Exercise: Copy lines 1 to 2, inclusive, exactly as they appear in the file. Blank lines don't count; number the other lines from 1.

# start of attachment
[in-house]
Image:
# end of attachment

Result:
[in-house]
Image: